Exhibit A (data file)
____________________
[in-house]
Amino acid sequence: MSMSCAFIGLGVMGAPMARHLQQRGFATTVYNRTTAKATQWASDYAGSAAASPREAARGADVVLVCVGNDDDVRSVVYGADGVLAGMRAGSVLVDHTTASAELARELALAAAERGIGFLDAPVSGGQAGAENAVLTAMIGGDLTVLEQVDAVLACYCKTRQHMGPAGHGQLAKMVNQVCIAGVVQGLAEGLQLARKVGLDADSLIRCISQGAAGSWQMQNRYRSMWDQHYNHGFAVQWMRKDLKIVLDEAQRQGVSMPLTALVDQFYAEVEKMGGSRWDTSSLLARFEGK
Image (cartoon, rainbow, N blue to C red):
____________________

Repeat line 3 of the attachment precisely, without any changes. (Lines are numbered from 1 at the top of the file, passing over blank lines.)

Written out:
Image (cartoon, rainbow, N blue to C red):